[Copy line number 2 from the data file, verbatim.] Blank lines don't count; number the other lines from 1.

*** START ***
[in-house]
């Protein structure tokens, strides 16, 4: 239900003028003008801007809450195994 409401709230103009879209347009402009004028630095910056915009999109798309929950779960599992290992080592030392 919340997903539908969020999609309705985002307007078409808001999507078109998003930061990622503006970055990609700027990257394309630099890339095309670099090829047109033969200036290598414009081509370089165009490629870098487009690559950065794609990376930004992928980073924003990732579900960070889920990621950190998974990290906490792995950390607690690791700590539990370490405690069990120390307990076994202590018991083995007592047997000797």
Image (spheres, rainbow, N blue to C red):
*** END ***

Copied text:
């Protein structure tokens, strides 16, 4: 239900003028003008801007809450195994 409401709230103009879209347009402009004028630095910056915009999109798309929950779960599992290992080592030392 919340997903539908969020999609309705985002307007078409808001999507078109998003930061990622503006970055990609700027990257394309630099890339095309670099090829047109033969200036290598414009081509370089165009490629870098487009690559950065794609990376930004992928980073924003990732579900960070889920990621950190998974990290906490792995950390607690690791700590539990370490405690069990120390307990076994202590018991083995007592047997000797």